Definition:Analytic Geometry

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Definition

Analytic geometry is the study of geometry by algebraic manipulation of systems of ordered pairs of variables representing points in Cartesian space.


Traditionally, the subject is divided into two main branches:


Plane Analytic Geometry

Plane analytic geometry is the branch of analytic geometry that makes an algebraic study of the real number plane $\R^2$.


Solid Analytic Geometry

Solid analytic geometry is the branch of analytic geometry that makes an algebraic study of the real vector space $\R^3$.


Also known as

Analytic geometry is also sometimes referred to as:

  • Coordinate geometry
  • Cartesian geometry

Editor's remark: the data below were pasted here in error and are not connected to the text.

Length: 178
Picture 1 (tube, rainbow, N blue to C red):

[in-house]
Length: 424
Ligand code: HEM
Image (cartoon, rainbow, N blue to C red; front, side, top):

• Analytical geometry


Historical Note

The discipline of analytic geometry is traditionally supposed to have originated with the work of René Descartes, hence its name of Cartesian geometry.

There exists a story that he first invented it while watching a fly crawling across the ceiling while he was lying in bed in the morning.

However, it appears that Descartes may in fact have obtained his key ideas from Nicole Oresme's Tractatus de configurationibus qualitatum et motuum.

It is also worth pointing out that Pierre de Fermat had the same idea at the same time as Descartes, independently of him, and, according to some sources, did considerably more with it.

Be that as it may, Descartes and Fermat corresponded with each other on the subject, so it may be accurate to suggest that there was considerable overlap between them.


Also see

  • Results about analytic geometry can be found here.


Sources